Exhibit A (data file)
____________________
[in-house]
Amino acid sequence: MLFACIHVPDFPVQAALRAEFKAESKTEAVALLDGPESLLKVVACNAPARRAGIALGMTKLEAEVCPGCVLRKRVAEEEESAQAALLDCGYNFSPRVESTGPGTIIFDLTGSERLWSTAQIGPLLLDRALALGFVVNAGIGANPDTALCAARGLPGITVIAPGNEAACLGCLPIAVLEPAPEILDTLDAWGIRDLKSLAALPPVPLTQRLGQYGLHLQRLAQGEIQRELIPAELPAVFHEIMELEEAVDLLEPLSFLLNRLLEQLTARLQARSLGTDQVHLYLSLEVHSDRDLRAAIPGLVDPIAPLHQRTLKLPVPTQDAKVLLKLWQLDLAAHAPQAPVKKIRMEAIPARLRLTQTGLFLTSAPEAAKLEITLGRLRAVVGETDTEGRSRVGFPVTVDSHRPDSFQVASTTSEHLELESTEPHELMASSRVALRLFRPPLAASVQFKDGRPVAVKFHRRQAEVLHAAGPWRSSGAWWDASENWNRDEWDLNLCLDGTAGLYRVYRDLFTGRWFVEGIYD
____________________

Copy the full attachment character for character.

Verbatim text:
[in-house]
Amino acid sequence: MLFACIHVPDFPVQAALRAEFKAESKTEAVALLDGPESLLKVVACNAPARRAGIALGMTKLEAEVCPGCVLRKRVAEEEESAQAALLDCGYNFSPRVESTGPGTIIFDLTGSERLWSTAQIGPLLLDRALALGFVVNAGIGANPDTALCAARGLPGITVIAPGNEAACLGCLPIAVLEPAPEILDTLDAWGIRDLKSLAALPPVPLTQRLGQYGLHLQRLAQGEIQRELIPAELPAVFHEIMELEEAVDLLEPLSFLLNRLLEQLTARLQARSLGTDQVHLYLSLEVHSDRDLRAAIPGLVDPIAPLHQRTLKLPVPTQDAKVLLKLWQLDLAAHAPQAPVKKIRMEAIPARLRLTQTGLFLTSAPEAAKLEITLGRLRAVVGETDTEGRSRVGFPVTVDSHRPDSFQVASTTSEHLELESTEPHELMASSRVALRLFRPPLAASVQFKDGRPVAVKFHRRQAEVLHAAGPWRSSGAWWDASENWNRDEWDLNLCLDGTAGLYRVYRDLFTGRWFVEGIYD